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Apple Begins Payouts over Multi-Million Dollar Lawsuit for Slowing Down iPhones

Tech giant Apple has reportedly started making payouts in a class action lawsuit addressing allegations of intentionally slowing down older iPhones.

BBC News reports that in 2017, Apple admitted to intentionally slowing down certain iPhone models as they aged, citing concerns over aging batteries that could affect device performance and longevity.

This sparked public outrage and legal challenges, which led to a settlement in 2020. Despite denying any wrongdoing, Apple agreed to pay a substantial sum from a $500 million fund to claimants, averaging around $92 per claim.

Breitbart News reported on the case at the time, writing:

“Our goal is to deliver the best experience for customers, which includes overall performance and prolonging the life of their devices,” the company declared, explaining, “Lithium-ion batteries become less capable of supplying peak current demands when in cold conditions, have a low battery charge or as they age over time, which can result in the device unexpectedly shutting down to protect its electronic components.”

“Last year we released a feature for iPhone 6, iPhone 6s and iPhone SE to smooth out the instantaneous peaks only when needed to prevent the device from unexpectedly shutting down during these conditions,” Apple continued. “We’ve now extended that feature to iPhone 7 with iOS 11.2, and plan to add support for other products in the future.”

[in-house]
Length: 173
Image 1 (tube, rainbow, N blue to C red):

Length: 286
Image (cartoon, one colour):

Some users on Twitter, however, alleged Apple were slowing down older devices in an effort to force customers to upgrade.

Now, a similar lawsuit is currently underway in the UK, with approximately 24 million iPhone users seeking £1.6 billion in compensation. T

he lawsuit, initiated by Justin Gutmann in June 2022, alleges that Apple intentionally shortened the lifespan of its products and degraded user experience to encourage upgrades.

Apple has strongly denied these allegations, calling them “baseless,” and adding “we have never – and would never – do anything to intentionally shorten the life of any Apple product, or degrade the user experience to drive customer upgrades.”

Gutmann stated that while he is happy to hear payouts have begun in the U.S. case, it has no effect on his case in the UK: “It doesn’t advance our position here, they haven’t admitted anything – they’ve settled… It’s a moral victory but not much use to me. I’ve got to plough on and pursue the case in the UK jurisdiction.”

 

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